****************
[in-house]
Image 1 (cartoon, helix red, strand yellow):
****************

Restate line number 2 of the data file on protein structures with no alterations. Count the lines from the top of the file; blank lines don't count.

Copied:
Image 1 (cartoon, helix red, strand yellow):